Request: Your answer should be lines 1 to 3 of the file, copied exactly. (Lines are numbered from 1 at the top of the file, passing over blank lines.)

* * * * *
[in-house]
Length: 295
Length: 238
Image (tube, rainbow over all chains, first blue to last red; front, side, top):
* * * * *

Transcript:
[in-house]
Length: 295
Length: 238